The Books Of Blood Advent Calendar
The Last Illusion
The Last Illusion
“Amongst a certain set Harry D’Amour liked to believe he had some small reputation – a coterie which did not, alas, include his ex-wife, his creditors or those anonymous critics who regularly posted dog’s excrement through his office letterbox. But the woman who was on the phone now, her voice so full of grief she might have been crying for half a year, and was about to begin again, she knew him for the paragon he was.” – Clive Barker
First, a word of caution. I’ve heard the rumors, of course, that spoilers bleed, but you will find a couple of them here. Not to worry. I’ve done my best to limit them in terms of what they reveal and how many there are. Besides, this will all be over before you know it. So let’s begin …
Our first hint that there’s a difference between Clive Barker the writer and Clive Barker the film director is that none of the three feature-length movies he adapted from his own source material bears the same title as its property. With good reason, too. Hellraiser is not The Hellbound Heart. Nightbreed is not Cabal, exactly. And Lord of Illusions is certainly not “The Last Illusion.” Yet all of these titles are clearly the work of a singular visionary. An artist who can’t help but innovate and eschew convention. A writer, painter, and filmmaker with a vision so unique and genre-shattering, in fact, that its stamp appears indelibly on everything he puts his hand to.
In retrospect, if he were to have retained the original title for one of the three adaptations mentioned above, it might well have been the one we’re here to discuss. Not because Lord of Illusions is so much more faithful to its origins than the other two films—by far, the opposite is true—but because sticking to the title The Last Illusion would have made for such a fitting farewell to Barker’s years spent directing movies, just as it’s the perfect title for the (almost) closer to Books of Blood.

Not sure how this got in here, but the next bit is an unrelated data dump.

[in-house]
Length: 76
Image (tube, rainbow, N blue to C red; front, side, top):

“The Last Illusion” tells the story of private investigator Harry D’Amour’s encounter with a deceased master illusionist named Swann, and the gang of demons, or Gulfs, who are after his soul. A hard-boiled occult tale, if you like. In the story’s transformation from page to screen, a version of this core idea is nearly the only thing rescued. Even the setting of New York City, itself a character in the original story, is cast aside early on in the movie.
I recall Barker commenting in an interview years ago that test audiences found the desert cult at the heart of the movie to be its most distressing element. Audiences today might strongly agree, with QAnon and the Cult of Trump raising the bar on blind devotion and anti-intellectualism. But let’s be clear: Nix, the figure to whom the cult in Lord of Illusions prays, makes populists like Donald J. Trump resemble impotent jesters by comparison—not that they usually need a lot of help.
Beautifully played by the late Daniel von Bargen, Nix (a.k.a., the Puritan) remains one of my favorite horror movie villains from the 1990s. That’s a big payoff, considering that Barker did away with the story’s band of infernal musicians who use repurposed corpses as instruments, a light-shedding thing known as the Castrato, and a fearsome, machine-like demon called the Raparee—trading them all in for the powerful and horrifying Nix. He and Swann are the only characters in the film with supernatural abilities at their disposal. The short story, on the other hand, is teeming with otherworldly nuisances.